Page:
10.4.1 Digital Connectivity
10.4.1 Digital Connectivity
10.4.1.1 Smart City/Region
The smart city/smart region concept aims to make our cities and their hinterlands more efficient and liveable by embedding smart technology across all functions. These smart concepts include smarter transport networks, upgraded water supply and waste disposal and more efficient ways to light up and heat the city and its buildings. This concept applies not only to cities but also to the rural areas. However, the successful implementation of this concept is very much reliant on access to broadband, fibre technologies, wireless networks and associated infrastructure.
The RSES has the following objectives in this regard: (RPO 134)
a. to extend such initiatives (Smart cities/region) to towns, villages and rural areas to support a Smart Region.
b. To seek investment in broadband, fibre technologies, wireless networks (including an Internet of Things Network across the Region) and integrated digital infrastructures to enable actions that sustainably deliver on smart technologies to increase the innovative, sustainable and competitive placemaking dividend for the Southern Region.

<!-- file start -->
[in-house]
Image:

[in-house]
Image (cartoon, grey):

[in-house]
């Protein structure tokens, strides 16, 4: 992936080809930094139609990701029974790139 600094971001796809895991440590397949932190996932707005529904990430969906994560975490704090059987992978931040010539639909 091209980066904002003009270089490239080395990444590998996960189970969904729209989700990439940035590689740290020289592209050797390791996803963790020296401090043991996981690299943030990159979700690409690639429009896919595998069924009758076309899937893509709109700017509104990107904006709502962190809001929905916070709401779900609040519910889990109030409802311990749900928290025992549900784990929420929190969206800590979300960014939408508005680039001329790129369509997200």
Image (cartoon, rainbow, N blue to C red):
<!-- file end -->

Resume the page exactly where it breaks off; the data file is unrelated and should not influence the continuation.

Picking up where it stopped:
National Broadband Plan
The NPF has the following objective for the rollout of Broadband (NPO 24):
“Support and Facilitate delivery of the National Broadband Plan as a means of developing further opportunities for enterprise, employment, education, innovation and skills Development for those who live and work in Rural Areas”. The RSES has a specific objective to seek to expedite the implementation of the National Broadband Plan.
The National Broadband Plan (NBP), part funded by the Irish Government and the European Regional Development Fund, is the Government's plan to deliver high speed broadband services to all businesses, farms and households in Ireland, providing broadband to underserved areas where the market has failed due to factors such as low population density and ensuring that people living and working in rural areas have the same digital opportunities as those in urban areas. The targets of the NBP includes: